On Feb. 8, the Biden administration delayed implementation of the final rule, Modification of Registration Requirement for Petitioners Seeking To File Cap-Subject H-1B Petitions (H-1B Selection Final Rule), until Dec. 31. The AMA submitted comments (PDF) opposing the proposed rule on the grounds that a wage-based system would harm access to health care for rural and underserved communities, favoring instead to keep the current random selection process. The AMA also told the Biden Transition Team that this regulation was problematic.

Without the delay, the final rule would have gone into effect on March 9, 60 days following its Jan. 8 publication in the Federal Register. The Department of Homeland Security is accepting comments on the delay, including any concerns associated with implementation of the Final Rule, until March 10. The AMA will submit comments.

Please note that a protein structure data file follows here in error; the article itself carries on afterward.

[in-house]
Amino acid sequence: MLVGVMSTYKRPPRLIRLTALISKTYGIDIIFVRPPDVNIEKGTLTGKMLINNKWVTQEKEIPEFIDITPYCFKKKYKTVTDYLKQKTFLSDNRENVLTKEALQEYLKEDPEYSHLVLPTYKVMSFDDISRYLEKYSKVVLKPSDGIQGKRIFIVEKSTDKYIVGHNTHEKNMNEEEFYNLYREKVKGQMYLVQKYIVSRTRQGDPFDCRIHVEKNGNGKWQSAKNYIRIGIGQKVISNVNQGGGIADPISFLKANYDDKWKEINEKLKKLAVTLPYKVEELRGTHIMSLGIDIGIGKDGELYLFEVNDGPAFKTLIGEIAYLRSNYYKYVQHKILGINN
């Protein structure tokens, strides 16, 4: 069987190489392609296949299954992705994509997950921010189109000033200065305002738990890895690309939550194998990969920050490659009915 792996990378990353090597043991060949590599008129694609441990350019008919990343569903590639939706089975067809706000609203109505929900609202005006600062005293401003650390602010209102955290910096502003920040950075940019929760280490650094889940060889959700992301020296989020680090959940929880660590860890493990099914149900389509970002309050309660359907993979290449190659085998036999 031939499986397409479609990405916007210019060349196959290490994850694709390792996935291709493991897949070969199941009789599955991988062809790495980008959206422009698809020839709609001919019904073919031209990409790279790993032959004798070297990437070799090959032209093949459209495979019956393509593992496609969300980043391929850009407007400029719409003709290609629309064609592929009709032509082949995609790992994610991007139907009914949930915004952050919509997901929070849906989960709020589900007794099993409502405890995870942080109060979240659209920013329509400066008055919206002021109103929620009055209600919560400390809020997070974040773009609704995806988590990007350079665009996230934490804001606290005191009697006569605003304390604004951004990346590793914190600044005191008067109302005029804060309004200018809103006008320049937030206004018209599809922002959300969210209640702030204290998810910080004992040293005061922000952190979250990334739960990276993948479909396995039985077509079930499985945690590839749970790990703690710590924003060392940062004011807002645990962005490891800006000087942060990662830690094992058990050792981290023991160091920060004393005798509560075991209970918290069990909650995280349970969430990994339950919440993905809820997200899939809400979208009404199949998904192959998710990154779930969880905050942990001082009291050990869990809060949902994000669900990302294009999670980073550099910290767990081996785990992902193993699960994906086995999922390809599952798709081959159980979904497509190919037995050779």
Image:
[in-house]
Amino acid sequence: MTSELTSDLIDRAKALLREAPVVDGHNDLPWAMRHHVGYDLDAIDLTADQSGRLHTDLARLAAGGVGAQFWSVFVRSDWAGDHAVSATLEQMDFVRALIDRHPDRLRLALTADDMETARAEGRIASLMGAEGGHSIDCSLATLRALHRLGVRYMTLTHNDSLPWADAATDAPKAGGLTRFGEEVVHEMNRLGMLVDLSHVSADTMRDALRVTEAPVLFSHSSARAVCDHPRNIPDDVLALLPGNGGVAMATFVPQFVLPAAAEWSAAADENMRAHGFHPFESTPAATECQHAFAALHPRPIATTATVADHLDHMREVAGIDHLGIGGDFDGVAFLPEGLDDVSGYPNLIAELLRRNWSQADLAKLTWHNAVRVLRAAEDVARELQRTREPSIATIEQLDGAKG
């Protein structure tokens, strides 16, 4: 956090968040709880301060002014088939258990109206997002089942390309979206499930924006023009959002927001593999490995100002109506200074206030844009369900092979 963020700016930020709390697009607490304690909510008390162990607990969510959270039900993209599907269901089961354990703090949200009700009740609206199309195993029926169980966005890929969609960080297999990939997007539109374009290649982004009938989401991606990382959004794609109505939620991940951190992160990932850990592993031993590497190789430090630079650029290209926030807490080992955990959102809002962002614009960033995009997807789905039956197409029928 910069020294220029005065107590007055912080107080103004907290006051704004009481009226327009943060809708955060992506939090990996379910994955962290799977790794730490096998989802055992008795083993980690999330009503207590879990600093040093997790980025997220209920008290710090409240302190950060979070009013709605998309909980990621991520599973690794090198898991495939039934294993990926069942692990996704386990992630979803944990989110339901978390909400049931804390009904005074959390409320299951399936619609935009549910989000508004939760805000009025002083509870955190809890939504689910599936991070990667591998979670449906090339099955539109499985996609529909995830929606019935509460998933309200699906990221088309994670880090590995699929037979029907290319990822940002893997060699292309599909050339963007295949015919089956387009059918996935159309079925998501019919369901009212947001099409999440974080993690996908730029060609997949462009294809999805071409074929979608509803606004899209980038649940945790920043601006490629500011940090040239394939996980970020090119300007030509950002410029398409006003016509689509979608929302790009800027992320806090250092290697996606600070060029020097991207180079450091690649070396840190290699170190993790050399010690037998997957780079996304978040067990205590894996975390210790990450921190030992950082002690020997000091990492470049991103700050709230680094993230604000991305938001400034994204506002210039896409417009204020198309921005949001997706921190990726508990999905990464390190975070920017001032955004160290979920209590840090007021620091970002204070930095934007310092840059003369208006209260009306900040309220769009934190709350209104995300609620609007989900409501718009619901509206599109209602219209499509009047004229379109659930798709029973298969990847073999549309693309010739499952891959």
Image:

The AMA has created an initial guide (PDF) to the major provisions in the “No Surprises Act,” the surprise billing legislation that was included in the Consolidated Appropriations Act COVID-19 relief bill signed into law on Dec. 27. The No Surprises Act allows for price transparency, provider directories and patient financial protections that impact health plans, physicians, facilities and other non-MD/DO licensed health care professionals. The law goes into effect on Jan. 1, 2022. The intent of the law is not to preempt state surprise billing laws. However, there is some ambiguity in the statutory language that will require further clarification before and during the rulemaking process, including when the surprise billing protections apply to patients in self-funded ERISA plans. The AMA will work with Federation members and other stakeholders to seek clarification to address these ambiguities and will revise this guide accordingly as new information becomes available.

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